• Basic Education for all staff on the dynamics of power and control
  • Learning to recognize warning signs of domestic violence in social settings and at work
  • How to respond to disclosures for coworkers, Managers and HR
  • Organizational commitment for staff to access supports without judgment
  • Policies and procedures, including a customized safety plan to meet the needs of the individual and their circumstances
  • Suggestions for talking to the abuser; particularly if they work in the organization
  • A Violence Response Team, comprised of staff with Leadership Development training in domestic violence
  • Referrals to local resources and support organizations 

The training has useful tools embedded such as “Talking to the Victim” a video from WorkSafe BC, demonstrating to staff approaches to talking with a person experiencing abuse.

The Make It Our Business workplace education program would like an opportunity to assist your workplace in being safe and meeting legislation requirements. Contact us and begin to make work safe for those who may not be safe at home.

Pan-Canadian survey on DV in the workplace

The cost of domestic violence to Canadian business is startling.  It’s estimated Canadian employers lose $77.9 million annually due to the direct and indirect impacts of domestic violence (DV).  The cost to individuals, families and society go far beyond that. 

Until very recently, very little was known about the scope and impacts of this problem in Canada. The evidence linking economic independence, being in paid employment and DV has been steadily developing, and we now know that women with a history of DV have a more disrupted work history, have lower personal incomes, have had to change jobs more often, and more often work in casual and part time roles than women without violence experiences.  We’ve also leaned that being employed is a key pathway to leaving a violent relationship; the financial security that employment affords can allow women to escape the isolation of an abusive relationship, and maintain, as far as possible, their home and standard of living.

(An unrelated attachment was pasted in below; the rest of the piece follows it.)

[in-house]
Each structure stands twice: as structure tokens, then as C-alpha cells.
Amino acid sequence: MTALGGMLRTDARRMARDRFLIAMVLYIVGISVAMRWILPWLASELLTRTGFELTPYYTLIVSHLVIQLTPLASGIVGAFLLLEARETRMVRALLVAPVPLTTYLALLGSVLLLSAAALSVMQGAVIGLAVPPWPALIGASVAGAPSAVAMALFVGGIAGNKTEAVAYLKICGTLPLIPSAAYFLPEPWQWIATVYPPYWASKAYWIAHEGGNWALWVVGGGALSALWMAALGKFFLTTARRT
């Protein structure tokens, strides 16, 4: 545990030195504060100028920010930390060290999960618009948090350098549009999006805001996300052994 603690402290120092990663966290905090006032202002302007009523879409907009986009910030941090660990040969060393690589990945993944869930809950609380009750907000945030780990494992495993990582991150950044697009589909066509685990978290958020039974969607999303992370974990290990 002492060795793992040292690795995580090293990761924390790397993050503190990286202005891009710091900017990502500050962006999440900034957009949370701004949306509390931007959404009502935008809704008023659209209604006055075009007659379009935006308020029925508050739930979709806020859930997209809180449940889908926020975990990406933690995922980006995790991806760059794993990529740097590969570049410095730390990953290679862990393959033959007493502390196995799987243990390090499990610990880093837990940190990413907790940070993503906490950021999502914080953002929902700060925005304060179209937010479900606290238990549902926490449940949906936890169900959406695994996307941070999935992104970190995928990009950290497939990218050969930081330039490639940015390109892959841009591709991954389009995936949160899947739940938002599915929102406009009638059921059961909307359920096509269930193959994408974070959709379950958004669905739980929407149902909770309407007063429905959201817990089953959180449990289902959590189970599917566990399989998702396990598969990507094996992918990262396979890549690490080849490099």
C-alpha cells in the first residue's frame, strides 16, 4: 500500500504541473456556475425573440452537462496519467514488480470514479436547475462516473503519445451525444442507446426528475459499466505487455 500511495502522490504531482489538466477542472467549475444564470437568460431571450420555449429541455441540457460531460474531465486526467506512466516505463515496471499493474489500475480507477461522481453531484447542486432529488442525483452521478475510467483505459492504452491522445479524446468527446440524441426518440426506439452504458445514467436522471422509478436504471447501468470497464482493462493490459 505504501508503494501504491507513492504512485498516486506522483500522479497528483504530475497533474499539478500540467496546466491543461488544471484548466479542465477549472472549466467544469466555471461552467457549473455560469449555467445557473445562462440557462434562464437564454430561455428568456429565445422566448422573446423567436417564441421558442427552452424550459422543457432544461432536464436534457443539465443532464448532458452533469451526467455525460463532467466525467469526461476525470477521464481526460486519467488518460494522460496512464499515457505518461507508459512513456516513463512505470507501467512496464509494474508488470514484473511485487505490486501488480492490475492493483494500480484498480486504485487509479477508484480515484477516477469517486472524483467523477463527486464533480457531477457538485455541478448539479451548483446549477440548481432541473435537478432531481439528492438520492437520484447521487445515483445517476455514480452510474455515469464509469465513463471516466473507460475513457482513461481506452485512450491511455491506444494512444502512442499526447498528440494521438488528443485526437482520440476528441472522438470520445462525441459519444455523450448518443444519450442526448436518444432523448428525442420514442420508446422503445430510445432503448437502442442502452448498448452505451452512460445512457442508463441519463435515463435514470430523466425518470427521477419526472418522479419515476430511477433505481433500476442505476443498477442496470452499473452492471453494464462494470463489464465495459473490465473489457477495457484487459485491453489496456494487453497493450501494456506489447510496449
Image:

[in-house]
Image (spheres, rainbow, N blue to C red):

In an effort to gather more Canadian data, The University of Western Ontario partnered with the Canadian Labour Congress to conduct a pan-Canadian survey on DV in the workplace.  Survey results were released last month.

The survey report titled “Can Work be Safe When Home Isn’t?”  reveals some startling statistics.  More than one third of workers across the country have experienced domestic violence in their lifetime, and for more than half of those affected, the violence followed them to work.  6.5 percent of survey respondents indicated they are currently experiencing domestic violence.

Among those exposed to domestic violence:

  • 38% reported that the violence affected their ability to get to work. 
  • Fully 8.5% of those affected had lost a job due to domestic violence.
  • Over half reported that the violence continued at the workplace in some way, for example, harassing phone calls from the abuser, and stalking. 
  • The vast majority reported that it affected their work performance in some way, for example, due to being distracted, tired, or unwell. 

Ultimately, stronger evidence confirms that impact and cost of DV in Canadian workplaces and will help to shape legislation, policies and practices that results in progressive change.  It will help promote violence prevention and safety in workplaces; hold abusers accountable; and lift the burden from victims so they don’t have to deal with domestic violence alone.

Survey results reinforce the fact that employers can make a difference by taking action on domestic violence.  Learn the warning signs of DV and how to create a safe workplace.

Make It Our Business Interview with The Conference Board of Canada’s Charles Boyer, Research Associate II, Workplace Health, Wellness and Safety Research Group.

The Conference Board of Canada is an independent, evidence based Not For Profit that does not lobby for specific interests and is funded through service fees charged to the private and public sectors. They are experts in: conducting, publishing and disseminating research; forecasting and economic analysis; organizational capacity building and performance as well as public policy, to name a few areas of expertise.